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Henry VIII

Henry VIII Translation Act 4, Scene 1

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Enter two Gentlemen, meeting one another

FIRST GENTLEMAN

You're well met once again.

FIRST GENTLEMAN

Hello, again.

SECOND GENTLEMAN

So are you.

SECOND GENTLEMAN

Hello.

FIRST GENTLEMAN

You come to take your stand here, and beholdThe Lady Anne pass from her coronation?

FIRST GENTLEMAN

You've come to stand here and watch Lady Anne pass through on her way back from her coronation?

SECOND GENTLEMAN

'Tis all my business. At our last encounter,The Duke of Buckingham came from his trial.

SECOND GENTLEMAN

That's exactly it. When we last met, the Duke of Buckingham was coming from his trial.

FIRST GENTLEMAN

'Tis very true: but that time offer'd sorrow;This, general joy.

FIRST GENTLEMAN

That's true. That was a sad occasion, and this is one filled with joy.

SECOND GENTLEMAN

'Tis well: the citizens, I am sure, have shown at full their royal minds— As, let 'em have their rights, they are ever forward— In celebration of this day with shows, Pageants and sights of honour.

SECOND GENTLEMAN

It's a good occasion. The citizens have shown their royal feelings about it—to be fair, they're always quick to show their emotions—by celebrating this day with plays, parades, and other festivities.

FIRST GENTLEMAN

Never greater,Nor, I'll assure you, better taken, sir.

FIRST GENTLEMAN

There was never a greater celebration, nor, I'm sure, a better reason for one.

SECOND GENTLEMAN

May I be bold to ask at what that contains,That paper in your hand?

SECOND GENTLEMAN

Could I be so bold as to ask what that paper you're holding says?

FIRST GENTLEMAN

Yes; 'tis the list Of those that claim their offices this day By custom of the coronation. The Duke of Suffolk is the first, and claims To be high-steward; next, the Duke of Norfolk, He to be earl marshal: you may read the rest.

FIRST GENTLEMAN

Yes. It's the list of those who are getting titles today, as is usual on a coronation. The Duke of Suffolk is the first. He wants to be high-steward. Then is the Duke of Norfolk, who wants to be earl marshal. You can read the rest.

SECOND GENTLEMAN

I thank you, sir: had I not known those customs, I should have been beholding to your paper. But, I beseech you, what's become of Katharine, The princess dowager? how goes her business?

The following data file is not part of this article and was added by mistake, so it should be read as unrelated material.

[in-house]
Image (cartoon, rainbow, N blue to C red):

SECOND GENTLEMAN

Thank you, sir. If I hadn't known about these customs I would have been very grateful to see the paper. But tell me, what's become of Katharine, the princess dowager? How is she?

FIRST GENTLEMAN

That I can tell you too. The Archbishop Of Canterbury, accompanied with other Learned and reverend fathers of his order, Held a late court at Dunstable, six miles off From Ampthill where the princess lay; to which She was often cited by them, but appear'd not: And, to be short, for not appearance and The king's late scruple, by the main assent Of all these learned men she was divorced, And the late marriage made of none effect Since which she was removed to Kimbolton, Where she remains now sick.

FIRST GENTLEMAN

I can tell you that too. The Archbishop of Canterbury and other learned, wise fathers of that religion held a court at Dunstable, six miles away from Ampthill where the princess was staying. She was often called up by them but didn't appear. In short, because she didn't appear and because of the king's recent doubts, these learned men agreed that she should be divorced and the marriage was ended. Since then she moved to Kimbolton, where she still is, and is sick.

SECOND GENTLEMAN

Alas, good lady!

SECOND GENTLEMAN

Poor, good lady!

Trumpets

SECOND GENTLEMAN

The trumpets sound: stand close, the queen is coming.

SECOND GENTLEMAN

The trumpets are sounding. Get closer, the queen is coming.

Hautboys

THE ORDER OF THE CORONATION

1. A lively flourish of Trumpets.
2. Then, two Judges.
3. Lord Chancellor, with the purse and mace before him.
4. Choristers, singing.
5. Mayor of London, bearing the mace. Then Garter, in his coat of arms, and on his head a gilt copper crown.
6. Marquess Dorset, bearing a sceptre of gold, on his head a demi-coronal of gold. With
7. SUFFOLK, in his robe of estate, his coronet on his head, bearing a long white wand, as high-steward. With him, NORFOLK, with the rod of marshalship, a coronet on his head. Collars of SS.
8. A canopy borne by four of the Cinque-ports; under it, QUEEN ANNE in her robe; in her hair richly adorned with pearl, crowned. On each side her, the Bishops of London and Winchester.